Extraversion and neuroticism: Investigation of resting electrodermal activity

Research output: Contribution to journalArticlepeer-review

2 Citations (Scopus)
87 Downloads (Pure)


In the same year that Eysenck (1967) published his biological account of extraversion, Claridge (1967) identified several problems with the theory. In addressing issues raised by Claridge, Robinson (1996) has detailed a promising modification to Eysenck's theory. Drawing on Robinson's theory it was hypothesised that differences in resting electrodermal activity would contrast extraverted-neurotics (low arousal) and introverted-neurotics (high arousal). The EPQ was used to identify four extreme groups of female participants: extraverted-stable (n=16), extraverted-neurotic (n=15), introverted-stable (n=8) and introverted-neurotic (n=16). EDA measures of SCL and NS-SCR were collected during two rest periods. Planned contrasts between the extraverted-neurotic and introverted-neurotic groups provided support for Robinson's theory on SCL but not NS-SCR. It was argued that the results for NS-SCR frequency could be accommodated by Robinson's theory if NS-SCR was conceptualised as a measure of cortical reactivity to unspecified stimuli rather than as a measure of tonic arousal.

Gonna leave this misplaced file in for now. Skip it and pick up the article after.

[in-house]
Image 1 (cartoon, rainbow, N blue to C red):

Original languageEnglish
Pages (from-to)152-159
Number of pages8
JournalAustralian Journal of Psychology
Issue number3
Publication statusPublished - 2008


Dive into the research topics of 'Extraversion and neuroticism: Investigation of resting electrodermal activity'. Together they form a unique fingerprint.

Cite this